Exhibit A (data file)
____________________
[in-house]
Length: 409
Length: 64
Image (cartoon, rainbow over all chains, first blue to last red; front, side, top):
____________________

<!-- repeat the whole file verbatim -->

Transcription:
[in-house]
Length: 409
Length: 64
Image (cartoon, rainbow over all chains, first blue to last red; front, side, top):